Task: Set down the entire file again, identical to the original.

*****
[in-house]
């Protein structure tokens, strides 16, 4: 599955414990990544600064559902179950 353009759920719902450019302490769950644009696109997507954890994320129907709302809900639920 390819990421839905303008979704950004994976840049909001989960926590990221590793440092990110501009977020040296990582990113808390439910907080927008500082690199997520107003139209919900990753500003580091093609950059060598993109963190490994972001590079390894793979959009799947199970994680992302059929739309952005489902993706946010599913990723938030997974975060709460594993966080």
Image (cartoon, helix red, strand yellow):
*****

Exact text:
[in-house]
């Protein structure tokens, strides 16, 4: 599955414990990544600064559902179950 353009759920719902450019302490769950644009696109997507954890994320129907709302809900639920 390819990421839905303008979704950004994976840049909001989960926590990221590793440092990110501009977020040296990582990113808390439910907080927008500082690199997520107003139209919900990753500003580091093609950059060598993109963190490994972001590079390894793979959009799947199970994680992302059929739309952005489902993706946010599913990723938030997974975060709460594993966080």
Image (cartoon, helix red, strand yellow):